Try this for dessert—something that’s hard and not very tasty. Something that breaks and crumbles when you try to eat it.
The state senate has voted to make it the official state dessert. It’s the ice cream cone. There’s no discussion of the ice cream itself, just the cone.
As long as there are fourth-graders, it appears likely there will be more official symbols of the state. But some lawmakers no longer think the idea is cute.
The Senate has passed the bill because some fourth-graders in Senator John Loudon’s district thought they’d learn how the legislature works by having him sponsor the bill. He admits initial misgivings but says they made their case to him. So he decided to offer the bill.
One thing he did not say during Senate debate is that having an official state dessert is a good idea. One other Senator, Wes Shoemeyer, says he initially told one of the students that his "pie people" would be upset with him if he voted for the bill. But he says the student was persuasive.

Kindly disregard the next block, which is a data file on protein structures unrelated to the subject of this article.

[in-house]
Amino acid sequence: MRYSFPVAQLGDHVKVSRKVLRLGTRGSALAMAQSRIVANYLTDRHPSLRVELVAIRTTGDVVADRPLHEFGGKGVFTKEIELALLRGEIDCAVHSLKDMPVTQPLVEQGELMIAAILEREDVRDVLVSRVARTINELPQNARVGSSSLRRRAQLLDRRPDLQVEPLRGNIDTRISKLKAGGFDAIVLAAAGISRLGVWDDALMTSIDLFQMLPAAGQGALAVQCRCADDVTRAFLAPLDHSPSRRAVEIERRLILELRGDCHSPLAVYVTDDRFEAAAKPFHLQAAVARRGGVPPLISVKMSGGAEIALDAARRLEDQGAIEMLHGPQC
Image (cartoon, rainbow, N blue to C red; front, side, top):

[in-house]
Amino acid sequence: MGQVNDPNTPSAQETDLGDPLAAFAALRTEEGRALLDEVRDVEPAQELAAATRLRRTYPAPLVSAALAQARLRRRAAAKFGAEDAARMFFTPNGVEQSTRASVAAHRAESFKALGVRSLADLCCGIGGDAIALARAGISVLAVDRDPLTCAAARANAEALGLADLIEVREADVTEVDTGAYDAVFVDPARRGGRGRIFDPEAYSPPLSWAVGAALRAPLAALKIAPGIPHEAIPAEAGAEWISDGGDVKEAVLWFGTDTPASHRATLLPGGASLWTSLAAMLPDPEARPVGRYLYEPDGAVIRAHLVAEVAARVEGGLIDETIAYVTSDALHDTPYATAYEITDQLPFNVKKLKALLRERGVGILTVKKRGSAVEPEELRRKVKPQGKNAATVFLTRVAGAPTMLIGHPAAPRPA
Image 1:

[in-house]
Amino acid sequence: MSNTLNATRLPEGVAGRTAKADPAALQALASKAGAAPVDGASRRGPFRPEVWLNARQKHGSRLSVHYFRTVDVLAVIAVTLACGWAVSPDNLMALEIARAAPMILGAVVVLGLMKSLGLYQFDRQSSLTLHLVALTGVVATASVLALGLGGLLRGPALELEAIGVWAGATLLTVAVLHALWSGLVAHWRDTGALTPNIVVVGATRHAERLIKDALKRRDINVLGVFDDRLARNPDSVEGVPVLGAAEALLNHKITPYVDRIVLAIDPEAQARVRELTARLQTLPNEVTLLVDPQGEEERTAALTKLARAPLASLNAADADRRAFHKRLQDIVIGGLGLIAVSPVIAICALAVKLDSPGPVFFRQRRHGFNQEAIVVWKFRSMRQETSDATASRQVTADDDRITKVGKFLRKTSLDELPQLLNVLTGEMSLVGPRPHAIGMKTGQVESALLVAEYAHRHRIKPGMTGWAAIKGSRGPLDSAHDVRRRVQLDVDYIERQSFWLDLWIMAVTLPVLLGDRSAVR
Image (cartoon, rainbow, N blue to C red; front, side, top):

Why the ice cream cone? Supposedly it originated at the 1904 St.Louis World’s Fair. But a patent was issued to a New York man for pastry cups to hold ice cream in 1903 and an engraving shows a woman eating ice cream from a cone in Paris as early as 1807.
Farmington Senator Kevin Engler is fed up with teachers thinking it’s a good teaching idea to come up with new state symbols and have their students convince lawmakers to pass a bill for them. "These things are stupid," he has told the Senate.
He argues the legislature is not a teaching tool for fourth graders…and that it demeans itself by creating new state symbols when it should be addressing instead of doing things of importance.
He and some other senators say it might be time for fourth-graders to learn some other things about the legislature—such as filibuster and defeat.
But if this group of students is going to learn that part of the legislative process, it will have to learn it from the House.
If the House adopts the ice cream cone as the official state dessert, the Governor will be asked to signthe bill creating the state’s 25th state symbol. \
Last year, the state added four new symbols, three of them at the behest of school children. Four of the last five symbols have been added as learning experiences for school children. Missouri has added half of its state symbols during the last decade.